Marilen C. Martinez, Pharm.D., BCPS, Henry Ford Macomb Hospital, Clinton Township
Feedback is an essential component of experiential training for student pharmacists and residents. The American Society of Health-System Pharmacists (ASHP) Accreditation Standards for PGY-1 Residency note that preceptors must provide ongoing feedback to residents about how they are progressing and how they can improve. It should be frequent, immediate, specific and constructive.1 Activities that can trigger feedback include presentations, answering drug information questions, making recommendations during rounds, patient counseling sessions or the completion of a project. Feedback is essential to learning, however student pharmacists and residents may not recognize that feedback has been provided. Preceptors may be providing feedback on a regular basis, but the trainees may not perceive it that way. At the beginning of the rotation, it is important to discuss how feedback will be provided to mitigate any confusion.
It is notable to distinguish the difference between feedback and evaluation. Although used similarly, they can serve two different purposes. Both provide information to the trainee to improve her or his performance and can encourage self-assessment. Feedback, or formative assessment, is an ongoing evaluation of the trainee and can be used to provide information on actions that were directly observed. Evaluation, or summative assessment, is used to measure the trainee’s achievement of a goal, usually at the end of an activity or rotation. Feedback is most typically thought of as an informal, short discussion, compared to evaluation which is thought of as a formal, extended discussion. Feedback reinforces good practices, corrects mistakes and modifies behavior, all while working toward the goals of the experience. Evaluation usually grades the experiences and reviews how goals were met. It also provides suggestions for future experiences.2,3
There are several approaches to providing feedback. A commonly used approach is the Feedback Sandwich which provides positive feedback, followed by a corrective statement, then closes with another piece of positive feedback. This method may be helpful to ‘soften the blow’ of the constructive criticism so the trainee may be able to accept the negative feedback and avoid becoming defensive. Another approach is the Pendleton Four-Step Model, where 1) the trainee states what is good about her or his performance, 2) the preceptor states areas of agreement and elaborates on good performance, 3) the trainee describes areas of improvement, and 4) the preceptor states what could be improved. This approach allows for the trainee to self-evaluate her or his performance and develop a self-awareness of her or his own strengths and weaknesses. The last approach is the Situation-Behavior-Impact (SBI) Feedback Tool that was developed by the Center for Creative Leadership and has three distinct parts. The first is situation, which is when the preceptor defines when and where a performance was addressed so the feedback is put into context of a specific setting and time of reference. The second part is for the preceptor to describe specific behavior that was witnessed directly without assumptions or subjective judgement of that behavior. The third and final part is impact, where a preceptor describes how the behavior affected the trainee or the patient.2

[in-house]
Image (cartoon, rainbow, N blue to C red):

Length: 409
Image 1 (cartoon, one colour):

Even with these feedback techniques, providing difficult or negative feedback to a trainee can be challenging. constructive feedback may be necessary when the trainee has displayed unprofessional behavior, is unprepared for rotational activities, or has not completed an assignment. Another preceptor or program director present when providing negative feedback may be considered. The preceptor may reframe the bad news, for example if a trainee is not meeting expectations, as an opportunity for improvement. The preceptor should be direct about the issue and should provide a stepwise plan to improve the trainee’s performance. It is important to allow the trainee to provide her or his own thoughts about the negative feedback. Lastly, the preceptor should point out what is working well along with what needs additional work.2
Feedback is crucial for a pharmacy trainee’s learning but often there are obstacles and challenges when providing feedback. By providing timely feedback with specific examples, preceptors can improve their skills and trainees may have a great appreciation for the quality of guidance that was offered.
1. American Society of Health-System Pharmacists. ASHP accreditation standards for residencies in pharmacy practice. https://www.ashp.org/-/media/assets/professional-development/residencies/docs/pgy1-residency-accreditation-standard-2016.ashx?la=en&hash=9FF7C76962C10562D567F73184FAA45BA7E186CB (accessed 2020 Feb. 20).
2. Soric MM, Schneider SR, Wisneski SS. The effective pharmacy preceptor. Bethesda, MD: American Society of Heath-System Pharmacists, 2017.
3. Grover B, Hayes BD, Watson K. Feedback in clinical pharmacy education. Am J Health-Syst Pharm. 2014;71:1592-6.